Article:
by Chuck Palahniuk
Doubleday, 293 pp., $24.95
Under the heading "Praise for Chuck Palahniuk," Choke's back cover copy offers up this gem from Bret Easton Ellis: "Maybe our generation has found its Don DeLillo." Considering how skillfully Palahniuk disemboweled our national psyche in 1996's Fight Club and 1999's Invisible Monster and Survivor, it's not an immediately outlandish comparison. But combined with additional jacket blurbs praising his "psychopathic brilliance," "mordant social analysis," "antic surrealism," and "prickly prose and repetitive rhythms," another correlation makes more sense: Contemporary modern fiction has found its own Eminem. The Fight Club veteran is the real Slim Shady, all right -- Palahniuk has little regard for conventional literary form and an extraordinary flare for verbalizing the sleaze and nastiness of our inner low-life. In fact, Choke's "protagonist" is a medical-school dropout who chokes himself at restaurants for attention and cruises sex-addict meetings for companionship. "Painting a picture, composing an opera, that's just something you do until you find the next willing piece of ass," he says.
And while both Palahniuk and Eminem show equal flair for scene-setting that's alternatively laugh-out-loud funny or turn-your-stomach disturbing, they even share the same Achilles heel; they don't know when to stop, too often trading in exhausting excess and sophomoric humor merely for shock's sake. Using a sex addict's back to fill out her sponsor form while you're inside her is funny. Blood and food bits splattering a lab coat after a flossing demonstration isn't.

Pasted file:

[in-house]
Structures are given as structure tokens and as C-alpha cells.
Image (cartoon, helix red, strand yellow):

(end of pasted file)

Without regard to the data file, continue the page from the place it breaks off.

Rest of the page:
And yet, almost in spite of similarly odious moments like a badly bungled attempt to fulfill a woman's rape fantasy, the bulk of Choke is eminently memorable. Palahniuk's cut 'n' paste approach to plot development winds up yielding dozens of compelling vignettes. Our antihero's day job at a colonial-era theme park provides as many bizarre moments as his mother's "bordello of the subconscious" -- hypnotherapy sessions where clients imagine lifelike handjobs from famous dead women like Edith Piaf and Indira Ghandi. More often than not, Palahniuk's most disconnected and least plausible scenarios wind up leaving behind the best post-read impressions; if Fight Club made us forever wonder what the waiter did to our soup, Choke could forever alter our view of airplane bathrooms, department store P.A. announcements, and the motives of good Samaritans.
Ultimately and unfortunately, each slice of situational comedy may be more memorable than the overall story itself. In theory, Choke is supposed to be a larger riff on addiction (behavioral and intellectual) that winds up tying together sex, Alzheimer's, and the Heimlich. But what singularly keeps Choke from completely unraveling and makes it so frustratingly unfocused is Palahniuk's exhaustive research on such a wide variety of disciplines -- he shows a Bob Costas-like authority on everything from Internet urban myths and cancer treatment to seating arrangements on Boeing 747-400s and butter-churning in 1734. Add the graphic sex and it's enough to leave you staring at his inside-flap picture wondering just how sick Palahniuk is and just how autobiographical Choke might be. It's the recipe for a weird aftertaste -- one that makes the "new Don DeLillo" tag harder to swallow. Tagging Choke as a guilty pleasure is far easier.
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